A year after the overthrow of the Shah, the Islamic Revolutionary Court issued a subpoena with a list of singers and actors who were ordered to surrender to Evin authorities. Second on the list was Massoumeh Dadeh-Baalaa, known to the music world as Hayedeh. The ominous document, scribbled in course handwriting, can be seen in Pejman Akbarzadeh’s encyclopedic video biography of the legendary Iranian diva. Akbarzadeh chronicles Hayedeh’s life with such detail and insight that by the sad end we realize the storyteller has covered territory beyond the life of one artist; he has shed light on the world of the Iranian exile.
Himself a prodigy, Akbarzadeh began his research on Persian musicians when he was a lad of fifteen. In the year 2000, when he was twenty years old he published the first volume of his studies, which is now referenced in Encyclopedia Iranica. So a few years later when he began his video project on Hayedeh, he was already a master of his subject. In terms of expertise, HAYEDEH, Legendary Persian Diva, meets the highest standards of biographical documentaries. If BBC or PBS had decided to produce a program on Hayedeh for a critical Iranian audience, Akbarzadeh would have been the person to make it for them--even though the singer left Iran forever before her biographer was even born, and she died when he was only nine.
After a brief personal anecdote telling us how he came to be fascinated by Hayedeh, Akbarzadeh begins the story at the Golden age of Iranian popular music with an excerpt from her famous Gol-e-Sang. Here, he immediately gains our trust with his sympathy for the viewer. In this video clip we don’t have to wonder where or when the recording was made. Clear subtitles tell us what we need to know: National TV, Tehran, 1976-1355, Music Anooshirvan Rohani, Lyrics Bijan Samandar. This is quite refreshing, especially for an Iranian music documentary.
The on-screen annotations eliminate the customary frustration in putting the images in the context of our own memories, so we are not distracted from Akbarzadeh’s mesmerizing narrative. In this way the documentary effortlessly gives historical depth to the material. For example, I happened to remember that 1976 was also when the Iranian calendar leaped from 1355 AH to 2535 imperial year.
By the time Farah Pahlavi makes an appearance in the video, sharing her thoughts on Hayedeh, the viewer is firmly oriented as to which Hayedeh songs the imperial palace guests may have requested from the singer. As with all the other interviews featuring the elite of the pre-revolutionary Iranian art scene—patrons, composers, producers, etc-- we find little pictures inside the bigger picture. Looking back on a friendship, Farah Pahlavi seems guilt-ridden for not making time in the early eighties to have a heart-to-heart with her favorite singer about the dangers of drug and alcohol abuse. With some understatement she makes apologies, “We ourselves had so many difficulties…”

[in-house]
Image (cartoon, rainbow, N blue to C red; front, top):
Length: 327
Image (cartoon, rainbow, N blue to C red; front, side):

Hayedeh’s younger sister, Mahasti, a celebrity singer in her own right, denies Hayedeh died of a cocaine overdose. Indeed Hayedeh did suffer from diabetes, which is an alternative explanation for her heart attack. Mahasti also denies that at first she felt jealous when Hayedeh suddenly illuminated the nation’s airwaves with a voice as pure as a Hafez verse, and as magnificent as the Alborz Mountains. But perhaps the sibling rivalry wasn’t that serious, and their producer Manouchehr Bibiyan did not hear Mahasti right when she “Did not use a good word” about her sister.
Akbarzadeh is too sophisticated to take sides, but humble enough to concede that gossip is part and parcel of the celebrity music world. His pragmatism allows the documentary to explore Hayedeh’s world in its full dimensions. One moment we hear respected music critic Mahmood Khoshnam discuss how a Hayedeh song begins in mokhaalef e segah and works its way to segah, another moment we see Majellejh Javaanaan report that Hayedeh has publicly called out the wife of a sports team manager to put to rest a rumor of adultery. Iran’s cultural tectonics were fully active in those times, foretelling the quake that would separate a chunk of the country from the main landmass, flinging it towards the continents of Europe and North America.
About half of Hayedeh’s professional life was spent is exile. Akbarzadeh follows her life abroad, sometimes concert by concert, with critical reaction to her works as she adapted to a changing audience. Despite the gradual decline in quality due to expat market pressure, the intensity of one underlying emotion remained steadfast in the artist. She yearned for home. Many of the clips in the video make this desire clear. One night, though, instead of optimistically hoping for the day of return she sang, “I want to go to the House of God.” In the documentary we hear her tell her audience, “Perhaps I too will not be among you tomorrow.” This was the last night of her life.
Akbarzadeh makes no conjectures, letting us draw our own conclusion from bits of Hayedeh’s last performance and from every other living detail he has painstakingly arranged before us for 100 minutes.
Hayedeh gave voice to the soul of the modern Iranian woman when Radio Iran first broadcast her Azadeh in 1968. By the time of her heart attack in 1990, the female voice had been silenced in her homeland for more than a decade, and every year on Nowrooz she had promised the nation that the songs would return. How much yearning can a human a heart carry for so many before it finally succumbs to zahr e jodaaii?
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